Following months of fiery debate - and measles outbreaks - a new law banning unvaccinated children from Italy's classrooms has come into effect.
Parents risk being fined up to €500 (£425; $560) if they send their unvaccinated children to school. The 2017 law aims to combat the rising number of measles cases across the country by mandating that school students receive 10 difference vaccinations.
Children have been reportedly told to not turn up to school unless they can prove they have been vaccinated.
It also fines parents of children between 6 and 16 years old about $560 if they can not prove their children have been vaccinated. The study has long since been discredited but the confidence on vaccines has been damaged to a great extent.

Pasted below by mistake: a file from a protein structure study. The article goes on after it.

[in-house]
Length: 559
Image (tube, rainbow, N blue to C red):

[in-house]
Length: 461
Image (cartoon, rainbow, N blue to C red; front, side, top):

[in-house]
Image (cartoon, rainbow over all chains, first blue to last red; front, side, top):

The BBC wrote that the law was passed to bolster flagging Italian vaccination rates, which is in part due to a growing movement of anti-vaccination activists (widely known as antiaxxers).
For years, confusion about vaccines has reigned in Italy.
"Italy's measles vaccine coverage was par with Namibia, lower than Ghana", San Raffaele University in Milan microbiology and virology professor Roberto Burioni told CNN previous year.
On Monday - the last day for parents to provide documentation proving their children had been properly vaccinated - the Italian health authority released figures claiming a national immunisation rate at or very close to 95% for children born in 2015, depending on which vaccine was being discussed.
A policy named after former health minister, the Lorenzin law, makes it compulsory for children under six to get a range of immunizations before attending school.